Dent May

Across the Multiverse

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After debuting with an album that showcased his ukulele skills and talent as a songwriter in the tradition of Paul Williams or Harry Nilsson, Dent May made two albums that showed off different sides of his musical personality. Do Things delved gently into various forms of dance music, while Warm Blanket was more subdued and almost a classic California piano ballad album. After a move to the state that inspired him so, May's fourth album, Across the Multiverse, seamlessly melds all the elements of his style and sound into something really nice.

Working mostly alone except for drummer Anton Hochheim, May follows through on all the promise of his previous albums to create a modern singer/songwriter classic. He knocks everything he tries out of the park, whether it's happily gloomy songs like "Hello Cruel World" that fully embrace the wistful-guy-behind-the-88s persona or slick disco-pop numbers that come off like the dancefloor hits the Carpenters never quite had. See the title track, an enchanting duet with Greta Kline of Frankie Cosmos, for the best example. Elsewhere, May wraps his sweet and sassy melodies in satiny backing vocal harmonies, conjures up the early-'70s peacefully woolly edition of the Beach Boys, displays mastery of string arrangements, and basically proves to be something of a chamber pop whiz throughout.

The songs are all shot through with West Coast sunshine; even the most melancholy of them have warmth emanating from their centers. Partially, it's the lush arrangements that account for this, but really, May's winsome, winning vocals are the beating heart of the album. He's got a nice boy-next-door quality going on -- if the boy next door sounded like he passed his time singing duets with Muppets -- but he can also break a heart when he needs to. Tracks like "Take Me to Heaven" and "Don't Let Them" might have very shiny surfaces, but they have depth, too. The entire album has a surprising depth; even in its lightest moments -- like on the strutting "I'm Gonna Live Forever Until I'm Dead," which sounds like an outtake from The Point -- there's a sense that May is playing for real stakes, small as they are. The combination of frothy tunes and real feels is a deadly one, and May makes it work again and again.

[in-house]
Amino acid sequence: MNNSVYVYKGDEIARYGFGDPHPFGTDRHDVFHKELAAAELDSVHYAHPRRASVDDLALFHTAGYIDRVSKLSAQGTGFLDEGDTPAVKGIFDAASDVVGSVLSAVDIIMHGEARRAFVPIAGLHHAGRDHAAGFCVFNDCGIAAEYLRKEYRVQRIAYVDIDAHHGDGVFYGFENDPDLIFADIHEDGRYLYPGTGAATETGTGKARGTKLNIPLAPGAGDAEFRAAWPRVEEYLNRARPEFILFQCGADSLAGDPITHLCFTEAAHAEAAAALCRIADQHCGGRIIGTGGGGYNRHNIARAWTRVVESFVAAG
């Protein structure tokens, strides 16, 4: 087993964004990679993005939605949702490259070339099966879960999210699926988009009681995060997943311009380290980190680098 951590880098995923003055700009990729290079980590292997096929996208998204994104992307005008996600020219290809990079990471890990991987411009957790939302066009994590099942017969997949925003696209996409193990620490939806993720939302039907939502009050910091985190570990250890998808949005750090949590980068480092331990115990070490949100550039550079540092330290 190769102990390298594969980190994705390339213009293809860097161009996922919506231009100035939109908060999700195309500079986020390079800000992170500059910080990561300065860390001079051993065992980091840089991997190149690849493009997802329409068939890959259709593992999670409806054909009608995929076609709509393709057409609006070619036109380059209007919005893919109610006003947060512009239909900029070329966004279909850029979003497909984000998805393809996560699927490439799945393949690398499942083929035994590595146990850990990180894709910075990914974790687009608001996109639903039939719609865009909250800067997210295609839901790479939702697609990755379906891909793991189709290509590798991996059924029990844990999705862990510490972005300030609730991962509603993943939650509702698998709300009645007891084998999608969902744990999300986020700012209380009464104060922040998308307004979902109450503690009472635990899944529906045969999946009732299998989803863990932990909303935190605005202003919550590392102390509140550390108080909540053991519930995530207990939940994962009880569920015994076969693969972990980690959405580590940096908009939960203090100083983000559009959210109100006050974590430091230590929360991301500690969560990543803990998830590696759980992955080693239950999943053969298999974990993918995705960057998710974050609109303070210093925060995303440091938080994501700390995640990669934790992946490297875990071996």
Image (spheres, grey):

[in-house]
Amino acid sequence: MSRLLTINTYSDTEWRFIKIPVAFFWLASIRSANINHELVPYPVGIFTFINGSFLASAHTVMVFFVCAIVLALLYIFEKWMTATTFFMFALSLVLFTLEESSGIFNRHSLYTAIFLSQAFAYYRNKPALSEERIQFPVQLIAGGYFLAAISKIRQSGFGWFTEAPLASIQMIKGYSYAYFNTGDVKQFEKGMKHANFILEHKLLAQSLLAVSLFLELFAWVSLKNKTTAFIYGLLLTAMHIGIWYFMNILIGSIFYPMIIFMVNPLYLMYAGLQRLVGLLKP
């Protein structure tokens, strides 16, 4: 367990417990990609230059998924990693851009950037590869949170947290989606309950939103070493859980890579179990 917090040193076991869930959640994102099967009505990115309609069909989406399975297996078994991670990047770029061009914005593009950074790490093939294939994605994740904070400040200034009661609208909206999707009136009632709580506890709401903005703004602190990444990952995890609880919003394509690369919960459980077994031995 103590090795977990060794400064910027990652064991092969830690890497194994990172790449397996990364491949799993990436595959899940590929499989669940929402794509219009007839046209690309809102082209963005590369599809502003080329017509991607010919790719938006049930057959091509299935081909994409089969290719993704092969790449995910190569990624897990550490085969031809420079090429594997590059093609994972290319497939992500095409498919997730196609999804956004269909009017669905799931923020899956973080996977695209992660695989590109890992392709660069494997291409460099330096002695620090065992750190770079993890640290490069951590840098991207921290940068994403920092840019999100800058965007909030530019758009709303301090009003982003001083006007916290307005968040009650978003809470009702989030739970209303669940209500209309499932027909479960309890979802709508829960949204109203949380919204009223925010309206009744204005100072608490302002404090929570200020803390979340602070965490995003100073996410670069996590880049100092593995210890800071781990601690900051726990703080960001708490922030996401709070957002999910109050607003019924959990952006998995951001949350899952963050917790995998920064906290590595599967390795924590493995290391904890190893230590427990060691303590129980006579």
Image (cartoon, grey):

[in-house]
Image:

His previous albums had most of the qualities that Across the Multiverse displays and they were perfectly fine. This time out, the best things are brought out in sharper focus and dressed up in finer clothing, and the record nearly achieves perfection. At the very least, it cements May's place in the long line of witty, wonderful songwriters and performers he so clearly loves and emulates. More records like this, and 30 years down the road people will be looking to him for sweet inspiration.

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